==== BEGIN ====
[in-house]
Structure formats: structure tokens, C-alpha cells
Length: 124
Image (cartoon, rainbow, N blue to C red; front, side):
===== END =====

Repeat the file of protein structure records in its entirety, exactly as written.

[in-house]
Structure formats: structure tokens, C-alpha cells
Length: 124
Image (cartoon, rainbow, N blue to C red; front, side):